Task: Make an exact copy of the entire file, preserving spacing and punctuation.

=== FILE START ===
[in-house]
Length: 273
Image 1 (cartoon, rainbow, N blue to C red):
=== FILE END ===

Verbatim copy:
[in-house]
Length: 273
Image 1 (cartoon, rainbow, N blue to C red):